Nestlé Zimbabwe continued to buy milk from Grace Mugabe’s farm, a move criticized by both the European Union and the United States. Both governmental authorities placed sanctions on the Mugabes in an attempt to stop their land grabs and other unfair actions. However, Nestlé is based in Switzerland, which is not part of the EU. Therefore, the company was not obligated to abide by the sanctions of either government.
Initially, Nestlé made it clear that they were breaking no laws, either in Switzerland or Zimbabwe, and thus intended to continue their practices. However, the company eventually flipped its position and stopped buying from the Mugabes in response to increasingly negative press coverage.
The company defended its previous actions, stating, “Had Nestlé decided to close down its operations in Zimbabwe, the company would have triggered further food shortages and hundreds of job losses among its employees and milk suppliers in an already very difficult situation.”
1 Mislabeled Products
Not only can the mislabeling of products be unethical (if deliberate), it can also be dangerous. In 2002, the Administrative Department of Security ordered Nestlé Colombia to decommission 200 tons of powdered milk. The milk powder had been produced between August 2001 and February 2002. However, the packages had been relabeled with production dates of September 20, 2002, and October 6, 2002.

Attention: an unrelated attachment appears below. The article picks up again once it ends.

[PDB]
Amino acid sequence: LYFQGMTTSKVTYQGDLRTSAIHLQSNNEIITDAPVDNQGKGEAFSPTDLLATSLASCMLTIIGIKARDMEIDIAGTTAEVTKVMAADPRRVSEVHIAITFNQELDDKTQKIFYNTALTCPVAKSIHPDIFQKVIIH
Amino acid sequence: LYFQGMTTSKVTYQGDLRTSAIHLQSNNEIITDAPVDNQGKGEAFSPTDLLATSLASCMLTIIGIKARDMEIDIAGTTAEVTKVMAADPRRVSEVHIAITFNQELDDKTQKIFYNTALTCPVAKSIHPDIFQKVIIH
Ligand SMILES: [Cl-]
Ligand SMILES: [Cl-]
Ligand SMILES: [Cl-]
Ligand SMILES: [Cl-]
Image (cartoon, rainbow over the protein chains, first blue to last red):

The United States has also been affected by Nestlé’s mislabeling. In 2014, 10,000 packs of Haagen-Dazs distributed around the eastern U.S. had to be recalled. The ingredient list had failed to alert consumers that the ice cream contained peanuts.
In 2017, Nestlé’s Poland Spring Water inspired a lawsuit seeking class-action status. It is based on the contention that common groundwater is used in Nestlé’s product, marketed as containing “100 percent natural spring water.”
According to the plaintiffs, if the eight sites that Nestlé claims to use for Poland Spring Water actually did contain springs, they would have to gush with such ferocity that the public would be able to see them.
The lawsuit states, “Such a spring would be plainly visible—more like a geyser than a spring—and undoubtedly well-known. [ . . . ] Yet there is no photographic proof that even one such spring—much less eight—exists on or near defendant’s sites in Maine.”
In response, a Nestlé spokesperson said, “It meets the U.S. Food and Drug Administration regulations defining spring water. [ . . . ] We remain highly confident in our legal position.”
Nestlé also faced a 2018 class-action lawsuit regarding non-GMO labeling. The federal lawsuit filed in Los Angeles alleged it sold products labeled as having “No GMO Ingredients” with genetically modified organisms. The company also is accused of designing a seal on its product packaging with the intention to trick consumers into thinking that its products were certified by the non-profit Non-GMO Project, a leading authority on the subject. The suit also alleged that Nestle sold dairy from cows fed GMO grain, a violation of the non-profit’s standards for its Product Verification Program. The suit was settled in 2020 but no details of the terms were made public.